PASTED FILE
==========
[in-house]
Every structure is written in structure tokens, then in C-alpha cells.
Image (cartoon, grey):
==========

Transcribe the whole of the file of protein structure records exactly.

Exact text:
[in-house]
Every structure is written in structure tokens, then in C-alpha cells.
Image (cartoon, grey):